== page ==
Google AIY Voice Kit

Part 1 – “Some Assembly Required”

Note: The AIY Kit is not technically necessary to run Assistant, which is outside the scope here. If you can configure a Pi with a speaker & mic, skip to the software bits.

If you’re putting it in a box, go ahead and assemble now per the instructions, but stop before the installation/configuration bit starts, since we’re going to deviate rather heavily.

If you’re not assembling the kit, put the hat on the Pi using the standoffs- the speaker connector can hit the metal shell of the HDMI  connector on the Pi, which fuzzes the audio out until you reboot.  Otherwise, all you really need is the microphone board and the speaker- there’s a button and LED on the hat which replicate the big button switch.  Personally, I put together the big one since it’s easier to see, which is kinda nice for now.  It’ll probably disappear soon though.

The big button is the only bit of hardware that isn’t self-explanatory, in that there’s no indication on where the wires should go.  Looking carefully at the wire side of the assembly, there’s a crown embossed in the plastic.  With the crown pointing up, the top two wires are for the LED, and location matters.  White wire goes top left, black wire goes top right.  The other two wires are for the switch and shouldn’t matter, but may as well connect them like the picture too, just to be safe.

At this point, it should look something like this. Isn’t it pretty?


Back to everyone
Now we’re ready to  start setting things up.   First things first, we need an OS.  Fortunately, Google has been kind enough to provide a disk image with the OS preconfigured for the Voice Hat, and contains the basics for getting the system up and running. Right-click the link and save somewhere.   https://dl.google.com/dl/aiyprojects/voice/aiyprojects-latest.img.xz

Next up, we need to burn the image to a Micro SD card. Minimum requirements is an 8GB card, but I like to go at least one size larger in case I need the extra space down the road. To burn the actual image, a lot of people seem to like Etcher,  and I have to agree. It’s OS agnostic (it’ll run on anything), and does the job in just a couple of clicks.  The process takes a little over 5 minutes, so be patient.

But, we’re not done yet.  Open up the card in a file browser. If it gives you multiple options, you want the partition marked “boot”.  It’ll look something like this:
In this directory, create a file named “ssh” with no extension. Open up the file and put something in it, but it doesn’t matter what. I like “werfwef”,  personally.   This allows us to connect to the Pi via a terminal, so it’s rather important. (Note: if you have a monitor, etc hooked up this isn’t necessary, but you may as well. It’ll make things nicer down the road).


Y’all with a monitor should be presented with a shiny desktop. The rest of us have some work to do, so bear with us and pick up after the next break or three. I’ll say something.

For the rest of us, we need to get to were we can have a virtual desktop for the Pi on our PCs.  To do this, we have to connect to the Pi through a command-line terminal.  Ubuntu has a built-in terminal, but Windows does not have one that supports the commands we need.   For Windows (of if you wanna in Linux), PuTTY is pretty much the de facto standard. Win users can download here:  http://www.putty.org/ and at least for Ubuntu, it’s in the software store.

Now, I’m sure there’s a way to pre-configure the wireless connection, but I’m going to take the easy route – find an Ethernet cable and plug the Pi in. We’ll only need it for a bit, or if you want to stay wired, well, that’s up to you.

The default name of the Pi is raspberry.local with a username pi. The default password is raspberry  From a terminal window, type ssh pi@raspberrypi.local or from PuTTY start a new connection type SSH, and pi@raspberrypi.local in the connection box.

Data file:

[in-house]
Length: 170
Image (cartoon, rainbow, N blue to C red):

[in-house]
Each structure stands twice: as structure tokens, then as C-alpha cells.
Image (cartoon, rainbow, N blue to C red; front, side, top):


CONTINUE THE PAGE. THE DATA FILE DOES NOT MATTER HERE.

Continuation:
Say yes at the security prompt, and enter the password [raspberry].   If all goes well, you’ll have a command prompt

pi@raspberrypi:~ $

Which means we’re In Like Flynn!

Note: if your computer can’t connect, you’ll have to determine the physical IP address of the Pi manually. I’ve omitted this part for brevity, but usually involves finding it on your router and replacing ‘raspberry.local’ with the IP address

First  things first, a little housekeeping. Raspian is Debian-based, so apt  is our main install/uninstall tool. Let’s update All The Things to make sure our OS is as up-to-date as possible:

sudo apt-get update
sudo apt-get upgrade

and just say ‘yes’ when asked. (If you’re not familiar with Linux, sudo is how we ask for elevated privileges to do stuff. You may be asked to re-enter the password).  This will take quite a while, as who knows how long ago this OS image was made.

Next, we meet nano, our word processor, and get the system set up to connect via Wi-Fi.  At the command prompt,

sudo nano /etc/wpa_supplicant/wpa_supplicant.conf

to edit the wireless connection settings.  The file is pretty sparse, so just cursor (arrow) down to the end and add your wireless credentials

network={
    ssid=”network name”
    psk=”password”
}

Where your info is in the quotes.  The indents don’t matter in config files, but I find it helps to keep things straight.  Save the file (Ctrl +X) and restart the wireless adapter:

sudo ifdown wlan0
sudo ifup wlan0

Wait a minute or so, and then

ifconfig

to list all the Ethernet junk, and you’ll get something like this:
All we care about is ‘inet addr:’ in the wlan0 section.  It’s worth noting the IP address, but really, the big thing is that pulling an IP means we’re successfully connected to the wireless network.  If it didn’t work, check the wpa_supplicant.conf file and repeat these steps.

Aaand the final stretch. We need to get the remote desktop running, and a few configuration bits tidied up.

For the remote desktop, we’re using RealVNC. It’s been around for a while, and is pretty straight-forward.  On the Pi, run

sudo apt-get update
sudo apt-get install realvnc-vnc-server realvnc-vnc-viewer 

and go to the configuration menu to tidy up

sudo raspi-config

Where  you should be faced with the configuration menu:

where there are a few things we should worry about.

First and foremost, change the password.  This is a computer facing the internet  after all.

Second, you can change the hostname if you like.  You’ll probably have noticed that mine is named “homey” for no apparent reason.

Third, option #5, “Interfacing options”. Select that, and go down to VNC and hit enter.

Fourth, option #7, “Advanced Options”   Select “A5 Resolution” and  pick a nice number.  This will be the resolution for your virtual desktop, so it should be smaller than your physical monitor.  Also, the lower the resolution, the better the performance.  I’m using 1280×720 as an okay compromise.

The Raspberry should be ready to rock, but first, we have to get some remote desktop on the PC. We’re using RealVNC here too.  Installation files for the viewer can be found here:  https://www.realvnc.com/en/connect/download/vnc/